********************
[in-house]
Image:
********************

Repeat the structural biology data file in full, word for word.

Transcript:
[in-house]
Image: